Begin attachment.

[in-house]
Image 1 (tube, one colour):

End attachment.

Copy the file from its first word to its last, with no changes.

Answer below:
[in-house]
Image 1 (tube, one colour):